Meet Me: A Robin Williams

“Suicide is called the cowards way out, the most selfish act. Suicide is the irrational, desperate scream for help of a mind that does not know what it is doing. A mind that is so deep, deep down in the bottom of a pit that light cannot pierce the veil of deceit over the mind’s eye.”-Ronovan

Robin Williams is dead. Preliminary reports say self asphyxiation is the cause. Whether this be accidental or intentional has not been hinted at, but the overwhelming thought is intentional due to his history of instability and depression.

A man full of so much in his mind that it had nowhere to go with them. A man who was so full of emotions he could not express them all. A man who was brilliant in so many ways that few new.

Some will now label him coward and selfish. To all of you I would like to introduce you to . . .

Me: A Robin Williams

You don’t know me, even though you have read me. The kid beaten as a child with a belt so badly that he planned, even at the age of six to get away from his biological father, his parents divorced. The police and the man and woman in suits, showing up at the school and the biological father never to be seen again, proving his plan a success, the biological father now dead.

You don’t know me. The being shot at multiple times, the moving around never being able to make friends, the teasing as the new kid with the red hair and being chubby as the years passed.

You don’t know me. Years of solitude, supposedly happy with books. The happy one who made jokes about anything and everything, did impersonations of voices, a born mimic and entertainer.

You don’t know me. The guy who intentionally ran his Mustang off the road doing 90 in a 35 on a narrow dark stretch of road only to save it at the last minute.

You don’t know me. The guy who a few years ago made his family promise to never let him go off alone if he was depressed or even slightly down again after driving to a local park with eternal thoughts.

You don’t know me. The guy who now fights each day to get his cheer on after being alone and quiet too long . . . even with so much happiness and love out there for him.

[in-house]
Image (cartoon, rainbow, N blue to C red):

You will say “But Ronovan, you never did anything, you’re still here, you’re not a coward.”

No. I’m lucky.

Those in depression go to a place you can never imagine. “But I’ve been in depression.” There are levels of it. You may think you have hit the bottom, and maybe you did, and you found a hand waiting to help pull you out. Some don’t have the hand there for them.

When you write articles demeaning those so depressed they are no longer in control of what they are doing, that they take their own life . . . don’t. You see, no one in their right mind takes their own life. The person is no longer there. They have been replaced by something else that looks and sounds like them.

Instead of talking about them . . . talk to them, talk with them.

2014 © Copyright-All rights reserved-RonovanWrites.wordpress.com

35 thoughts on “Meet Me: A Robin Williams

  1. Great, heart felt words. I remember working my way out of depression… I wouldn’t wish depression on my worst enemy. No one should have to go through something like that. This is why if I’m asked if I’ve experienced depression, I tell all I know in hopes of helping someone find an easier path. Another person who slipped through the cracks. Sad.

    Liked by 1 person

    • I know he was trying. He entered a place to deal with things knowing he was in trouble. He went to a ‘rehab’ place to keep from falling back into drugs. A true sign of awareness and intelligence. Some will say “Well why didn’t anyone notice that and help him?” You can’t be with someone every moment. And when the mind takes over it does what it does.
      Thank you
      Ronovan